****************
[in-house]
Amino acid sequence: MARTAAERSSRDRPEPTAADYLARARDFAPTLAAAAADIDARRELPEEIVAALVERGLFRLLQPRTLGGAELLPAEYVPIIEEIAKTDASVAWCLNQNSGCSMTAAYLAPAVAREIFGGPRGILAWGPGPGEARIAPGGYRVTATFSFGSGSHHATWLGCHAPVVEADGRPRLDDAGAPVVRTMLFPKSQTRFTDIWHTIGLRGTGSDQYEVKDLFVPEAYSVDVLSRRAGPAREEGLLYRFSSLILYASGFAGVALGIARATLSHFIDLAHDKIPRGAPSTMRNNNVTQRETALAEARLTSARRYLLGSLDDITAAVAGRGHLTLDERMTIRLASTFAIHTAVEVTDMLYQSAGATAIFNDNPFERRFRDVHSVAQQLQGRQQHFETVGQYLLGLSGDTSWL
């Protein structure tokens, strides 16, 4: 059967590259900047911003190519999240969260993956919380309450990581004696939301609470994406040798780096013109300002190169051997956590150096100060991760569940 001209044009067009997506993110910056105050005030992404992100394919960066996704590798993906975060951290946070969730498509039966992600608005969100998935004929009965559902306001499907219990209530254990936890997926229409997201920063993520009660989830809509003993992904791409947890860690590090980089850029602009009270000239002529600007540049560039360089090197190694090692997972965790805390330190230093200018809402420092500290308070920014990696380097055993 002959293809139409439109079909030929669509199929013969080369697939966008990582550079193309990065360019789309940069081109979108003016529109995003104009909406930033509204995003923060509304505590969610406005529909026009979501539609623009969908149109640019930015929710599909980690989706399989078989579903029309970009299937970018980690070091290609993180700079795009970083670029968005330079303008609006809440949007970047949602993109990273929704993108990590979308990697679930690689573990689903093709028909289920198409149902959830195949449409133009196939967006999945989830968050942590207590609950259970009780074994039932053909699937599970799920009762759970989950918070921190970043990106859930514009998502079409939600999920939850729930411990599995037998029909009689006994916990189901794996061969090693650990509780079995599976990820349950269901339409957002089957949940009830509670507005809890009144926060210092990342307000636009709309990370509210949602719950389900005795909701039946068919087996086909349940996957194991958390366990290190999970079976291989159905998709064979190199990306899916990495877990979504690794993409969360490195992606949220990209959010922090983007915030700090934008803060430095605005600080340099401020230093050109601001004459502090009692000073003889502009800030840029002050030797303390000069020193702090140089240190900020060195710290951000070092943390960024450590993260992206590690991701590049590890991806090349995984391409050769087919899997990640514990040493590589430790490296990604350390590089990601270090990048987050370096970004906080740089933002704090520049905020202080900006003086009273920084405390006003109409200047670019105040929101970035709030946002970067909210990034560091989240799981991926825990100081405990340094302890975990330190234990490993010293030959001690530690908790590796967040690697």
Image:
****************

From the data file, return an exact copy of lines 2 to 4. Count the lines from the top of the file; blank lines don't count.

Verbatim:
Amino acid sequence: MARTAAERSSRDRPEPTAADYLARARDFAPTLAAAAADIDARRELPEEIVAALVERGLFRLLQPRTLGGAELLPAEYVPIIEEIAKTDASVAWCLNQNSGCSMTAAYLAPAVAREIFGGPRGILAWGPGPGEARIAPGGYRVTATFSFGSGSHHATWLGCHAPVVEADGRPRLDDAGAPVVRTMLFPKSQTRFTDIWHTIGLRGTGSDQYEVKDLFVPEAYSVDVLSRRAGPAREEGLLYRFSSLILYASGFAGVALGIARATLSHFIDLAHDKIPRGAPSTMRNNNVTQRETALAEARLTSARRYLLGSLDDITAAVAGRGHLTLDERMTIRLASTFAIHTAVEVTDMLYQSAGATAIFNDNPFERRFRDVHSVAQQLQGRQQHFETVGQYLLGLSGDTSWL
């Protein structure tokens, strides 16, 4: 059967590259900047911003190519999240969260993956919380309450990581004696939301609470994406040798780096013109300002190169051997956590150096100060991760569940 001209044009067009997506993110910056105050005030992404992100394919960066996704590798993906975060951290946070969730498509039966992600608005969100998935004929009965559902306001499907219990209530254990936890997926229409997201920063993520009660989830809509003993992904791409947890860690590090980089850029602009009270000239002529600007540049560039360089090197190694090692997972965790805390330190230093200018809402420092500290308070920014990696380097055993 002959293809139409439109079909030929669509199929013969080369697939966008990582550079193309990065360019789309940069081109979108003016529109995003104009909406930033509204995003923060509304505590969610406005529909026009979501539609623009969908149109640019930015929710599909980690989706399989078989579903029309970009299937970018980690070091290609993180700079795009970083670029968005330079303008609006809440949007970047949602993109990273929704993108990590979308990697679930690689573990689903093709028909289920198409149902959830195949449409133009196939967006999945989830968050942590207590609950259970009780074994039932053909699937599970799920009762759970989950918070921190970043990106859930514009998502079409939600999920939850729930411990599995037998029909009689006994916990189901794996061969090693650990509780079995599976990820349950269901339409957002089957949940009830509670507005809890009144926060210092990342307000636009709309990370509210949602719950389900005795909701039946068919087996086909349940996957194991958390366990290190999970079976291989159905998709064979190199990306899916990495877990979504690794993409969360490195992606949220990209959010922090983007915030700090934008803060430095605005600080340099401020230093050109601001004459502090009692000073003889502009800030840029002050030797303390000069020193702090140089240190900020060195710290951000070092943390960024450590993260992206590690991701590049590890991806090349995984391409050769087919899997990640514990040493590589430790490296990604350390590089990601270090990048987050370096970004906080740089933002704090520049905020202080900006003086009273920084405390006003109409200047670019105040929101970035709030946002970067909210990034560091989240799981991926825990100081405990340094302890975990330190234990490993010293030959001690530690908790590796967040690697």
Image: